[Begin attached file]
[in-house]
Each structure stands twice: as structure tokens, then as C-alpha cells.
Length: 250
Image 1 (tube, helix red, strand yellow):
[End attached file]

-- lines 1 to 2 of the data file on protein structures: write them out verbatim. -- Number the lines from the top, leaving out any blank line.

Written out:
[in-house]
Each structure stands twice: as structure tokens, then as C-alpha cells.